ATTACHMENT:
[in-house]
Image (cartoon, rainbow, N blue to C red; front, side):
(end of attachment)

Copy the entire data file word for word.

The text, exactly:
[in-house]
Image (cartoon, rainbow, N blue to C red; front, side):